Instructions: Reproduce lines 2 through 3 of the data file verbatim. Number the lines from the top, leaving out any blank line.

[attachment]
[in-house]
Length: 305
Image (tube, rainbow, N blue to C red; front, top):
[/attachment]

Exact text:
Length: 305
Image (tube, rainbow, N blue to C red; front, top):